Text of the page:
Unfortunately, the film's primary subplot did nothing for me. I'm not sure making Judy the daughter of the millionaire was the most organic decision. It helps brings the story together but I honestly think I would've preferred this to be a story about strangers meeting and helping each other. Having the millionaire disguise himself as a homeless person, living inside the mansion with the others, really just emphasizes what a jerk he is. When the potential materiel from this subplot is burned out, the story brings Judy's mother – O'Connor's ex-wife – into the house as well. None of these inclusions are especially compelling and they feel slightly forced-in, as if they were included to beef the story up.

“It Happened on Fifth Avenue” is sometimes classified as a musical. There's only about three songs in the film. Only one of them, a sweet song performed around the Christmas tree, feels like a proper musical number. Otherwise, the film's genre belongs more to the romance and comedy. I wanted to like “It Happened on Fifth Avenue” a little more than I actually did. The cast is fun and the main plot is strong. Sadly, a pretty lame subplot really drags the proceedings down. The film captures the Christmas atmosphere well but isn't quite the classic I was led to expect. [6/10]

Christmas Comes to Pac-Land (1982)

Back in the nineties, Cartoon Network used to play all sorts of weird holiday programs around December. This is how I first saw “Christmas Comes to Pac-Land.” As a kid, I didn't think it was strange that there was a Pac-Man Christmas special. I just accepted its existence at face value. Only as an adult does it dawn on me how weird this thing is. Pac-Man is a video game about a circular yellow shape eating smaller circular yellow shapes while being chased by ghosts through a maze. Somehow, this was popular enough to support a pop song, loads of merchandise, and a Saturday morning cartoon. And, somehow, a Hanna-Barbera executive thought it was worth producing a special episode of that cartoon that introduced Pac-Man to Christmas. The mind boggles.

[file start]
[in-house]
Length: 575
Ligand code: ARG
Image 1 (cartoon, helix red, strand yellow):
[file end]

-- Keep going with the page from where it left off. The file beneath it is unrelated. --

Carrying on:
This cartoon presupposes that Pac-Man lives in an entire village of Pac-People, along with his wife and infant child. It seems pretty peaceful, except for the band of asshole ghosts – the special insists on calling them “ghost monsters – that occasionally attempt to cause mischief. Anyway, while the Pac-Family is out attempting to enjoy the snowy weather, Santa Claus is flying overhead. The fat man crashes his sleigh. The Pacs help Santa and his reindeer get back on their feet. The ghosts, meanwhile, grab the missing bag of toys. Will Pac-Man retrieve the toys before Santa leaves on his Christmas trip around the world?